India less vulnerable to external shocks

The CAD in the first half of current fiscal stood at 1.4 per cent of GDP, lower than 1.8 per cent in the same period last fiscal.
NEW DELHI: Indian economy is less vulnerable to external shocks as it is mainly driven by household consumption and government spending, and not dependent on hot money which can move out quickly, Standard & Poor’s Rating Services said on Tuesday.

The US-based rating agency expects the current account deficit (CAD), which is the difference between inflow and outflow of foreign exchange, to remain at a modest level of 1.4 per cent at the end of current fiscal and would continue at similar level till 2018.

“We see India as having limited vulnerability to external economic or financial shocks. This is because growth in the economy is mainly driven by domestic factors, such as household consumption and government spending.

“At the same time this is a country that has low reliance on external savings to fund its growth. In other words, the banks are mainly deposit funded and don’t rely on wholesale funding to grow their loan books,” S&P Rating Services India Sovereign Analyst Kyran Curry told PTI.

He said India’s capital markets are diversified and deep enough for companies to raise funding.

“Another favourable aspect of India external settings is that it is generally not subject to hot money inflows that can turn into outflows with shifts in investor sentiment. As such we see the external risks for India to be relatively contained,” Curry said.

He said while export growth may be disappointing, the current account deficit likely to be a modest 1.4 per cent in 2015, with similar levels through 2018.

“Our forecasts are partly informed by our view of increased monetary credibility, which dampens the demand for monetary gold imports. In addition, we expect India to fund this deficit mostly with non-debt, creating inflows,” Curry added.

The CAD in the first half of current fiscal stood at 1.4 per cent of GDP, lower than 1.8 per cent in the same period last fiscal. For full 2014-15 fiscal, the CAD stood at 1.3 per cent of GDP.

Breaking Up With Your Adviser for a Robot

Two businessmen shaking hands at lunch meetingWhat do you tell your financial adviser when you are leaving for an algorithm?

Joe O’Connor, a 52-year-old Connecticut salesman, had to have this conversation recently. It was delicate business explaining why he was ditching the planner he had been with for over a decade, to put his money in the hands of what is known as a robo-adviser — a Web-based service that automates the allocation of your investment portfolio.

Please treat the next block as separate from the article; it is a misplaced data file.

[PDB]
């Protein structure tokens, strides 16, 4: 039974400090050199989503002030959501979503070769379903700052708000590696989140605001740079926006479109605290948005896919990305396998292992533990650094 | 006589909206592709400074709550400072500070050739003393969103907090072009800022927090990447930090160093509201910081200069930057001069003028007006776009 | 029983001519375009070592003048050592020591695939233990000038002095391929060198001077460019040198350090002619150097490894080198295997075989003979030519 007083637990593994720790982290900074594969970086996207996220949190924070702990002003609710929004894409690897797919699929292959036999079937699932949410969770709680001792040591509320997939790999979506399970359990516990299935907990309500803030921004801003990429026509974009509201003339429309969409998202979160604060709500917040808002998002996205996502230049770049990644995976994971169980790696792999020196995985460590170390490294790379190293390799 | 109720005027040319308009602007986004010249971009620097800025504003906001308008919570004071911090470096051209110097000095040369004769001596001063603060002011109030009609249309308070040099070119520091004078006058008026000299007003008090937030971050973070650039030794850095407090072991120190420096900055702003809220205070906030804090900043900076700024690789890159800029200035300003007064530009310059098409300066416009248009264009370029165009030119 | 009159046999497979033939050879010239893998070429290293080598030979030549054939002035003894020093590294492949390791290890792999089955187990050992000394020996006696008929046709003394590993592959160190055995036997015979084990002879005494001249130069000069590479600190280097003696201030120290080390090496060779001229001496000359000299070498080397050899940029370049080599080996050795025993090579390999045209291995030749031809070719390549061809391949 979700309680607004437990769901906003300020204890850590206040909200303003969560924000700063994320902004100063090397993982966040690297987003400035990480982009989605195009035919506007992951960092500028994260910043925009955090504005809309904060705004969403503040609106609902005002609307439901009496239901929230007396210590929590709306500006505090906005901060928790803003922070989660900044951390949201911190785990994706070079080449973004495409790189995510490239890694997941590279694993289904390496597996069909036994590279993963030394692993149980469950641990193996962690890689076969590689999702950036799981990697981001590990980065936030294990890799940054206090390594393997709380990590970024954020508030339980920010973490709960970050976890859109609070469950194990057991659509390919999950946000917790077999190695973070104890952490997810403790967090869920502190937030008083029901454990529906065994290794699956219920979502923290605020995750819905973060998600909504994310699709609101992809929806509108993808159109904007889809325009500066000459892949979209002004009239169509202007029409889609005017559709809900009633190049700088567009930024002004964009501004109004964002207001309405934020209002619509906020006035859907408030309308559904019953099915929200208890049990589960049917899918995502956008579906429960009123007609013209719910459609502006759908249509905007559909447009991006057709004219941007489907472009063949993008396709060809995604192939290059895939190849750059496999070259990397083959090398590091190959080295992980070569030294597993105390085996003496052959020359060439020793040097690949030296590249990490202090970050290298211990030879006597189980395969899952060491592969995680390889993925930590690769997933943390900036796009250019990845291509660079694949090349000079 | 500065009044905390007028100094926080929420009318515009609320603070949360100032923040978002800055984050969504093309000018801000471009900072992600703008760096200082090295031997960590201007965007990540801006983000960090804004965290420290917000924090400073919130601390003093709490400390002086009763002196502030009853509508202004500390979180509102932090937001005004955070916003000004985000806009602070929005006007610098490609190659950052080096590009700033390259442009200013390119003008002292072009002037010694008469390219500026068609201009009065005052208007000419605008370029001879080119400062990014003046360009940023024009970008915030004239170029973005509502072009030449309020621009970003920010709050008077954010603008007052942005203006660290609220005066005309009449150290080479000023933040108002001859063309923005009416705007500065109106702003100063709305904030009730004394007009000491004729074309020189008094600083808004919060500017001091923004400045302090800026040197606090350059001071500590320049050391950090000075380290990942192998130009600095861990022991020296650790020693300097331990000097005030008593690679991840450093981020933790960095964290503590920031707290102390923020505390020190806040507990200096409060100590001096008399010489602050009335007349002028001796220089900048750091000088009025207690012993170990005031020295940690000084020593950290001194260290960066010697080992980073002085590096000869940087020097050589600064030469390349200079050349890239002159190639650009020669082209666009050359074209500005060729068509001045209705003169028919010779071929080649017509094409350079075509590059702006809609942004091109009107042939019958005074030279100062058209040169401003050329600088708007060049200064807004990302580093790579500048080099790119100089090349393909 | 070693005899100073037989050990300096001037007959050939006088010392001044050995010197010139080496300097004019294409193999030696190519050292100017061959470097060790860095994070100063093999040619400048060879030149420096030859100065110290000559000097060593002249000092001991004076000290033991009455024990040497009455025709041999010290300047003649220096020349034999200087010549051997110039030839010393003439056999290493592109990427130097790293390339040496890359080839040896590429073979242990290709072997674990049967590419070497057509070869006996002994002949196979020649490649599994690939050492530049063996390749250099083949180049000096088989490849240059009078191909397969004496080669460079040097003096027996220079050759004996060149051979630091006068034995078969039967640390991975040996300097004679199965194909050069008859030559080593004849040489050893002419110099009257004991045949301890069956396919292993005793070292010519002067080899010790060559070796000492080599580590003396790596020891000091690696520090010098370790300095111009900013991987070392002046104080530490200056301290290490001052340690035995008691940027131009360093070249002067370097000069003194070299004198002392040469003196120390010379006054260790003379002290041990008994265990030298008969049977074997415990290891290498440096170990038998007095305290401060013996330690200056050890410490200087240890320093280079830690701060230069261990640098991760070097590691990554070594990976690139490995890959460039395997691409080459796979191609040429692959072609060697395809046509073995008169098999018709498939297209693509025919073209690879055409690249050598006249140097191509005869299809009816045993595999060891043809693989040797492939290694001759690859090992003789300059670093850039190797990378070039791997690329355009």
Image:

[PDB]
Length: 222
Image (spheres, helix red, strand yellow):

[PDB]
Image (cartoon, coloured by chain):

There were the usual responses: “But why?” “Was it something I did?” “What can I do to make it right?”

And of course, there is the timeless relationship classic line: “It’s not you, it’s me.”

“It wasn’t fun,” O’Connor said.

That kind of awkward conversation is taking place more frequently these days, thanks to the rise of robo-advisers, which have about $20.1 billion in worldwide assets under management for new entrants, according to Switzerland-based research firm MyPrivateBanking.

Of course with total U.S. investable assets at $33.5 trillion, that is barely loose change under the couch cushions, industry analyst Michael Kitces points out. But projections are for heady growth with new robo-advisers expected to grow to $42.6 billion in 2016 and $86.7 billion in 2017.


Looking strictly at fees, robo-advisers offer certain advantages. Prominent site Betterment (, for instance, charges .25 percent on accounts between $10,000-$100,000, and .15 percent above that. Competitor Wealthfront ( has a similar cost structure, charging .25 percent for accounts worth $10,000 or more.

Personal Capital (, which Joe O’Connor uses, offers more of a blended service, combining its automated recommendations with humans (albeit primarily via video chat or email), charging .89 percent on portfolios up to $1 million.

That is in comparison to traditional financial planners, who charge around 1 percent or more of assets annually. (Fee-only planners have their own payment structure, billing per planning session instead of charging a percentage of assets.)

The low-fee logic of robo-advisers may work admirably for young savers starting out. In fact many users are converted Do-It-Yourselfers or Millennials with little investable cash, rather than mid-career professionals who have switched from existing planners, Kitces points out.


You may gain something by opting for low-fee robots – but you lose the long-term financial planning aspect.

“I had a client recently leave for a robo. I told them robos are not financial planners,” says Kashif Ahmed, an advisor in Woburn, Mass. “A robo will not call you when markets are going through a rough patch, and you can’t call a robo to discuss your protection needs, or to ensure your estate documents are in order.”

As you age, and financial responsibilities start piling up – raising kids, dealing with insurance questions, running a business, coping with elderly parents, and so on – the advantages of dealing with an actual person become more evident.

“At that point, when money has grown substantially, you may opt out of robo-investing and go find a real person,” says Maggie Baker, a Philadelphia financial therapist and author of the book “Crazy About Money.”

Of course, it is not always fees that cause breakups with financial planners. Far from it. In fact, the number-one reason cited by millionaires for switching advisers is due to them not returning client phone calls, according to a report from research firm Spectrem Group.